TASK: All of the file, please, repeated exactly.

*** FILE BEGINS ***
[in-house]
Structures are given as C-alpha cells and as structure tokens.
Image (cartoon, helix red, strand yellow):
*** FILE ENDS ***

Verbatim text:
[in-house]
Structures are given as C-alpha cells and as structure tokens.
Image (cartoon, helix red, strand yellow):